Gus looked up at the Doctor for the first time since he began his simple answer to the man's complicated question and smiled with his entire face. The Doctor knew that no other words on the matter were necessary since Gus had worked out his belief crisis with very little guidance from his knowledgeable friend…who suddenly felt rather inferior to this little person with an enormously powerful soul.
"Can I have a hug?" The Doctor asked quietly.
Gus smiled and crawled towards the man. "You don't have to always ask permission, Doctor. You're my friend. Hugs are a part of what's supposed to happen with friends," he said as he wrapped his arms around the Doctor's neck.
The Doctor squeezed his son's little body just tight enough to hold back his girly tears but not so much that he broke him in half. "Sometimes I can't tell who is teaching who. I find it a bit unnerving."
Gus patted him on the head in comfort and leaned back to look at the Doctor. "You should probably get a friend to travel with you, so you have somebody to hug as much as you need to," the boy advised as he fiddled with the pocket of the Doctor's shirt. "I kinda miss that ugly jacket and the bowtie you were wearing when you first got here. You should wear it more often."
The Doctor laughed out loud at the exact opposite of words he heard most often. "You know, girls tell me that I look a bit daft in my bowtie."
A confused look passed across Gus' face, followed by one of certainty. "I don't know what daft means, but I do know that girls are dumb."
"Your Mimi makes fun of my bowtie…"
Gus put a finger to his lips and thought on the revelation and how it contradicted his "girls are dumb" theory. "Well, I guess she can't know everything. But don't tell her I said that!"
"It'll be our secret…again," the Doctor said with a wink. "Now, up you go! I have a secret of my very own."
The Doctor crawled out of the closet, and Gus jumped onto his back and rode him across the bedroom. "A secret from me? No! What is it?"
"A secret from Mimi," the Doctor said before tilting Gus off his back and rising to his feet. "If I tell you, you must promise not to breathe a single solitary teensy little word."
Gus jumped from foot to foot in excitement. "Cross my heart!"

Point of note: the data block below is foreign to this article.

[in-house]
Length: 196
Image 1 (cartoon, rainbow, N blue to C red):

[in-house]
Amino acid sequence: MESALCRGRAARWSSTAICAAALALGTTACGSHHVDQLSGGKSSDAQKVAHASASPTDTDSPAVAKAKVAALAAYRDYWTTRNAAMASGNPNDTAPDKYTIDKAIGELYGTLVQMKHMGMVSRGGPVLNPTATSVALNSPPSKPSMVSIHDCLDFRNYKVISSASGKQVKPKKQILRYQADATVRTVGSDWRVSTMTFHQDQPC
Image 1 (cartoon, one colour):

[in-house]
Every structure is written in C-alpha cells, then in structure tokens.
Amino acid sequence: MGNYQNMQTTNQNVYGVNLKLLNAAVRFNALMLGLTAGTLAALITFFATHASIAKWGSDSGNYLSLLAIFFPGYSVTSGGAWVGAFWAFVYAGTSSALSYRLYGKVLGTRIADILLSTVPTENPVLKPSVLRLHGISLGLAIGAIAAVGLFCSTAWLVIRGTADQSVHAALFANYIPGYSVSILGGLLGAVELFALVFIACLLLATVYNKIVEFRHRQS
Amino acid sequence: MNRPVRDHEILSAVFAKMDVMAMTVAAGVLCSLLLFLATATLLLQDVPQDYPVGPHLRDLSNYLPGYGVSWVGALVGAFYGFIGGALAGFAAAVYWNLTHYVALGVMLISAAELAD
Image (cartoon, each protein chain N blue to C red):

"Well," the Doctor began as if to tell a magnificent story, "you may not know this, but Mimi never had a spectacular Christmas as a little girl and – "
"That means super. I remembered." Gus interrupted, rather proud of himself and his growing vocabulary. "But it makes me sad for Mimi."
The Doctor picked the child up and swung him around so that he was nestled comfortably on his back. "That's why we are taking her somewhere that would make even the Grinch smile."
Gus' eyes lit up, and he inhaled sharply. "Are we going back?"
Gus kicked the Doctor gently with his heels. "Well then, hurry up, Doctor Pony. We got ourselves a TARDIS to catch!"
Laughing, the pair of them hopped down the stairs, and Gus grabbed River's hand as they galloped towards the front door.
"Hold on there, Tonto. Your rider needs a coat."
Gus' impatience and excitement sparked from every nerve ending. "Forget about the coat, Mimi. We have a surprise for you! And you won't need a coat where we're going."
River struggled to get Gus' arms through the sleeves as the child wiggled with glee. "We're not leaving this house until you put this jacket on."
The boy giggled and rolled his eyes. "Yes, Mom…" The word drug out like an irritating nag.
River's breath caught in her throat, and the Doctor looked back at her with smiling eyes and whispered. "Let's go, dear. You have somewhere to be."
She had seen that mischievous look before, and mayhem nearly always followed. Yet, as always, she fell in line behind the pair of giggling boys and hoped for the best as she found herself reluctantly walking towards the hiding TARDIS.
"Umm, Doctor…I don't think this is such a good idea," she said nervously. "It's time for all little monsters to be in bed, waiting for Santa."
Gus leaned down and whispered into the Doctor's ear. "Shhh…don't tell her about Santa. She still believes."
The Doctor chuckled and called to River over his shoulder. "It's a time machine, remember. We will be back in plenty of time for Father Christmas. No worries!"
River was less concerned with Santa and more concerned with traveling with the Doctor at any time near Christmas. She did, however, trust him not to put them in danger – at least, not to put Gus in danger. Still, what she felt battled with what she knew, and the tug-of-war caused her stomach to flip-flop.
"Oh, this will not end well…" she mumbled into the chilled Christmas Eve wind. "Not well, at all..."